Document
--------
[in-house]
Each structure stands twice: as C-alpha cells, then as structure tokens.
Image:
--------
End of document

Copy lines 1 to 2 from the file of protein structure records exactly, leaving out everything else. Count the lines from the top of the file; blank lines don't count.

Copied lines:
[in-house]
Each structure stands twice: as C-alpha cells, then as structure tokens.